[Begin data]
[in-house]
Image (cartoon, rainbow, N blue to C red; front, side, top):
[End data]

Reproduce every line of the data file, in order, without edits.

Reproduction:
[in-house]
Image (cartoon, rainbow, N blue to C red; front, side, top):